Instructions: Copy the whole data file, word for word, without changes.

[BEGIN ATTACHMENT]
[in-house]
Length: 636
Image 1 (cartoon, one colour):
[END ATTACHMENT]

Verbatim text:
[in-house]
Length: 636
Image 1 (cartoon, one colour):